helped to bring the Third Liberty Loan far over the top. Could we not prophesy that in the posters for the Fourth Liberty Loan, the artists will picture this? Yet, rightly, there is reticence about the use of grewsomeness in posters; nothing should be suggested which would be either sickening or depressing. For the object of the poster is to stimulate. Recall that when Charles Lamb sent his book, Ulysees, to his publisher, Godwin, it was returned for some corrections. Children would be frightened by such and such incidents, suggested the cautious publisher, with his eye on over-squeamish parents. But Lamb wrote back, There is only one correction I will make, and that is where the incident strikes me as being disgusting. Such was the substance of his letter to Godwin. The same applies to the poster.


Public response to the artist's work is fickle. They like to look at Frank Brangwyn's American Sailors to the Rescue, or Charles Livingston Bull's The Two Eagles, but they want to own Howard Chandler Christy's Columbia's Call, because of its direct feminine appeal. Yet, as posters go, it is characterless. Popular demand, however, required that over a million copies of this poster be printed. The American public has not yet been schooled to look at the poster as anything more than a magazine illustration. I have before me a letter from one department, written to Mr. Gibson’s committee. It says, We want a poster with a child in it. The fundamental emotions have to be reached in order to make the public dig down into their pockets. It is not too much to say that a large part of the over-subscription to the recent Red Cross drive was due to A. E. Foringer's remarkable poster, The Greatest Mother in the World.

Every American artist of note is contributing to the poster output. Gibson’s House Manager, for the Food Saving Campaign, is done with the old dash of the days when he illustrated Richard Harding Davis’s Soldiers of Fortune; Joseph Pennell, with a method shaped by sketching and etching, has produced a poster for the ship-building “urge,” which loses none of its delicacy, however large it is reproduced—the list goes on interminably, including Blashfield, Harvey Dunn, Wallace Morgan, Adolph Treidler, and others. One must check off with the art directory.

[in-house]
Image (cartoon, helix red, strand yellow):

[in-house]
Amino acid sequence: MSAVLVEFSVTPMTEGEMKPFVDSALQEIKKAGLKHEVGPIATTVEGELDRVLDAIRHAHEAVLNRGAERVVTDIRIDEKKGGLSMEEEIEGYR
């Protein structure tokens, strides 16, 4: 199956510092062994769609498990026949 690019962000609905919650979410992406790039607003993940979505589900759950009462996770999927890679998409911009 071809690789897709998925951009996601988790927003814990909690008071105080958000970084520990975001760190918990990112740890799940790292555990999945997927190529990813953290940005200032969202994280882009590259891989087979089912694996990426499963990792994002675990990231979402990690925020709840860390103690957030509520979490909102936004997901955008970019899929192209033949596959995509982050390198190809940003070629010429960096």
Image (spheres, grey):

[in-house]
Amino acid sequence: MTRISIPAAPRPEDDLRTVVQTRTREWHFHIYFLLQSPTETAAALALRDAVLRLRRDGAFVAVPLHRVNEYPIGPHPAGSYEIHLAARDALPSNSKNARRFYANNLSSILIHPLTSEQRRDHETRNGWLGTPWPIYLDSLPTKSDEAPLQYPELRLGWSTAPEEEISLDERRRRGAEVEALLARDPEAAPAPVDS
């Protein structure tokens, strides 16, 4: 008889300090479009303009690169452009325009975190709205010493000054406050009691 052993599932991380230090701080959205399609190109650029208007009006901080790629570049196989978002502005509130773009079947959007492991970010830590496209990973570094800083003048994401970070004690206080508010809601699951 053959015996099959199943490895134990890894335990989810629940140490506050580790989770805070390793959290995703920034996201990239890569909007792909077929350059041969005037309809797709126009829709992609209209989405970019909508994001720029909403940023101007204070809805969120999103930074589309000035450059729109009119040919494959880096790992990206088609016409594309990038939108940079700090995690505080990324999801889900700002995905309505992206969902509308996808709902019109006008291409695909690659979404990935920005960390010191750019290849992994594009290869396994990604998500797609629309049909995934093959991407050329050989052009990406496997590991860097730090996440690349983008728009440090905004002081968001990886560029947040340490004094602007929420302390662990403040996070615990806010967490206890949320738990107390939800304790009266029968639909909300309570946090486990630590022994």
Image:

We might expect that the artist’s usefulness would not be confined at home. When Walter Hale was alive, he showed us, by the visits he paid the front, what the pencil could do under fire. It was to be expected that when the American army got to France, the artist would be called also. In the Signal Corps of the United States army, there is a Major Kendall Banning, who was formerly the art-editor of System. It is through his advice and through General Pershing's call that eight captains’ commissions were offered to Mr. Gibson’s committee. Who would be the lucky men selected? Through a process known to the Division of Pictorial Publicity and to three officers in the army to whom the final selection was left, Captains Ernest Peixotto, Wallace Morgan, W. J. Aylward, Harry Townsend, Harvey Dunn, Walter Jack Duncan, George Harding and André Smith, now represent the American artists in France. They have not as yet taken sufficient root to indicate how they work. Their drawings will be official documents for the War Department. They are painters and illustrators, selected to work in any mediums required, - interpretative artists, who, in wash, pencil or crayon can illustrate; who, with brush, can record the colour of a battle; who, with pencil, can lay out scenes or detail structures; who could, if called upon, do decorative work.

Right here let it be emphasised that these are not the men attached to the Camouflage Corps. The latter come under the jurisdiction of the engineers; their work is a combination of carpentry, sculpture painting. But these captains are there strictly for pictorial work, for